Making it Through the Education System with face blindness and autism
This week’s episode of Our Voices focuses on Ben, a 17-year-old student who has face blindness and autism. Ben is currently preparing for his A-levels and is excited about the prospect of going to university.
He is fortunate to have a big sister, Ruth, who has been giving him advice on how best to prepare for the next potential phase of his life.
A supportive presence
Talking about his sister, Ben says: “She’s been a great supporter of me. And, for years, she was just someone who would support me and who would help me and a person I could talk to easily.”
Unable to recognise faces
Entering university is a great milestone in any young person’s life, but Ben is likely to have particular challenges. This is partially down to the fact that he has prosopagnosia, a condition more commonly known as face-blindness meaning he is unable to recognise faces.
“I have to recognise people through their voice or their hairstyle or by understanding the context where people will be at a certain time.”
Dealing with autism
He also has autism. “The best way for me to describe it is it means I think differently, and my brain is wired completely differently to anyone else. It’s a different way of living, a different way of seeing the world. And the reason why it’s a disability is because the world is not built for autistic people. It’s built for non autistic people.”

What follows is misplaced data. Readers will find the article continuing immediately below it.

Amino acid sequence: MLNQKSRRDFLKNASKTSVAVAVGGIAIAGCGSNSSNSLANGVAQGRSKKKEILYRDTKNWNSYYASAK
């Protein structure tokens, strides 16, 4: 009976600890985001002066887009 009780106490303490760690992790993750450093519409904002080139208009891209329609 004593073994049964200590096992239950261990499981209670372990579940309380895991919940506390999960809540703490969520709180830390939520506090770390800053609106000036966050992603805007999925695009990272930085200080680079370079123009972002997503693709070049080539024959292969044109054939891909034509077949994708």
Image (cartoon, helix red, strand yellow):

The challenges of face blindness and autism
Having both face blindness and autism has been a serious challenge for Ben. In some ways, however, it has given him advantages over other students. For example, he describes having a very good memory.
This was something which served him well when he passed his history exam with flying colours without even having to revise. Describing the benefits of how his mind works, Ben says “My brain works almost entirely on logic. I can see things pieced together fairly easily and think through things and analyse things very well as long as they are logical.”
Experiencing autistic meltdowns
Despite these advantages, at one stage, Ben’s parents feared that their son would not even be able to complete primary school. This was due to the challenging behaviour that would stem from the “autistic meltdowns” that Ben would experience.
These are intense physical and emotional responses people with autism can have which temporarily cause them to lose control when faced with overwhelming situations. “Those meltdowns would sometimes just be me lying on the floor and making a lot of noise. But a lot of time they involve lashing out and hurting people.
And the thing I want to make very clear is that, when I had a meltdown, it would not be me having behavioural issues or anything, it was me not knowing how to express my emotions, and I’d end up expressing them through physical means rather than verbally.”
Teachers often did not understand this, however, they did not have enough knowledge and experience in dealing with autism. They regarded Ben’s challenging behaviour as a form of active disobedience requiring punishment.
As a result, teachers would lock Ben inside a small classroom when he was having a meltdown, sometimes for as long as half an hour. He would be completely alone. “They thought that that calmed me down but actually all it did was make me more stressed, more anxious.”